Re: more about my experiences at Pune
thank you. Neither was the Buddha a republican. ;-)
Actually, I am fairly interested in the kind of topics you discussed, not what I would hear in general public talks. Which is why I am interested in private research and study.
The unique points as I understand are:
1. the Sangha is (or is supposed to be) a democratic-style assembly.
2. there are political entities during Buddha's times which were republics, but built upon a deeply-rooted caste system, i.e. having a ruling caste.
--- In Pali@yahoogroups.com, ashinpan wrote:
So throughout my lecture, I argued that the Buddha was not a democrat as popularly conceived.
- Dear Yong Peng
> The unique points as I understand are:As for (1), I think Sangha cannot be called a democratic institution. Because:
> 1. the Sangha is (or is supposed to be) a democratic-style assembly.
> 2. there are political entities during Buddha's times which were republics, but built upon a deeply-rooted caste system, i.e. having a ruling caste.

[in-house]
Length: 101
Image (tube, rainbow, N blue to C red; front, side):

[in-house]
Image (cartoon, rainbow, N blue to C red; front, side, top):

1. At Sangha functions (so-called sanghakammas), the objection of a single monk can overrule the majority vote. (In other words, each monk carries a veto.) So any given function can succeed only if each and everyone present in the assembly gives their agreement.
2. On the other hand, as long as one thinks he is right, he needn't follow the majority; a dhammavaadii (who upholds the dhamma) is a dhammavaadii, whether he is in the minority or in the majority.
3. If a group of monks cannot reach agreement over a controversy, they must live separately.
Of course such regulations cannot be adopted in a lay society.
- Bhante and Gunnar,
thank you for your sharing. Yes, it requires the understanding of the Vinaya rules relating to monks' assembly to determine if the Sangha is democratic to today's standards. Vinaya is an area I am not familiar with.